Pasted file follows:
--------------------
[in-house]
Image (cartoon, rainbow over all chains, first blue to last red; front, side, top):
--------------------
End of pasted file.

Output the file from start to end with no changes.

[in-house]
Image (cartoon, rainbow over all chains, first blue to last red; front, side, top):